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Battle of Civitate (1053 AD)

Contributed by De Bellis Anonymous

Northmanni bellum gerunt cum Leone Papa, et Principe Beneventano, et Catapano imperiali in Principatu Beneventi; et fugatur Rodulphus princeps, et Leo Papa capitur ab Humphredo, et Northmannis; et fit magna strages in mense iunio.

"The Normans made war with Pope Leo, and the Prince of Benevento, and the imperial Catapan in the Principality of Benevento; and Humphrey and the Normans put Prince Rudolph to flight and caught Pope Leo; and a great massacre was made in the month of June."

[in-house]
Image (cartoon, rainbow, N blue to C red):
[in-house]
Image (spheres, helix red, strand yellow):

Breve Chronicon Northmannicum

The first Norman conquests in Italy alarmed both the Pope and the Emperor of Byzantium, who controlled Southern Apulia and Calabria. Pope Leone IX was a relative of the German Emperor Henry III. In 1052 Leo went to Saxony and asked Henry to help him in the fight against the Normans. In 1053 the Pope returned to Italy with only a guard of seven hundred Swabians and some volunteers from Lorraine. During his travel to Benevento, Leo collected a large number of Italian volunteers without any particular military skill. With polyglot army, the Pope used his alliance with the Byzantines to arrange a joint attack on Siponto (modern Manfredonia), a Byzantine city that had fallen to the Normans in 1039.